Verification is provided by providing a verifiable source, and so far you have not provided sufficient details to enable readers to check your content. WP:Verifiability—which is a core policy—states "In Wikipedia, verifiability means that other people using the encyclopedia can check that the information comes from a reliable source. " The match itself is not verifiable because it occurred over thirty years ago, therefore you must provide the citation details for either a report on the match (which backs up your claims) or a video in a publicly accessible archive or collection. A video in your own private collection is obviously not verifiable for a reader. Betty Logan (talk) 16:21, 28 October 2017 (UTC)
Well it exists in the BBC archives as well as my private collection. Is that any different to material being cited from an long out-of-print book? Most readers would not be able to verify that for themselves either. It strikes me as absurd that material broadcast on the BBC television cannot be used as source, and indeed SMcCandlish suggests it can, as long as it is correctly referenced. Is he right, or are you? The WP:Verifiability seems to be silent on this question. Diariser (talk) 13:09, 30 October 2017 (UTC)
WP:Verifiability is not silent on this question. As I have highlighted in bold, verifiability means that people can check the legitimacy of the information. An out-of-print book will usually be available through a library service, so not that difficult to get hold of at the end of the day. And how can you be sure this footage even exists in the BBC archives? The BBC does not retain every single programme it ever broadcasts. Betty Logan (talk) 22:51, 30 October 2017 (UTC)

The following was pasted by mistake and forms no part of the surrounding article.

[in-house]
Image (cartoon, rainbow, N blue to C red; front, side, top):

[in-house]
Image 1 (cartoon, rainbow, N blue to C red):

That's not the conventional interpretation. If the source can possibly be verified at all, even if it requires great effort and/or expense, it's a valid source. It is in fact permissible to cite TV broadcasts; all that's required is sufficient information to identify the material (probably name of show, broadcaster, airdate and time into the program, analogous to page number in a book). The problem with a home recording is of course whether this level of information is available. Was it on BBC1? BBC2? When did it air? Did you tape the entire show, and thus be able to cite something like 01:23:12 into the program as the timestamp, or do you just have that one scene? Aside from this question is the wording of the material. E.g. the "captained England to victory" stuff is non-neutral "sports journalism"-style writing. The "needing a snooker" details are maybe non-encyclopedic trivia, though beating Charlton might not be. BBC archives: are these accessible? Even if they're paywalled, as long as some means of accessing the material can be identified (e.g. a URL that requires a subscription) is sufficient. Sources do not have to be free.  — SMcCandlish ¢ >ʌⱷ҅ʌ<  23:04, 30 October 2017 (UTC)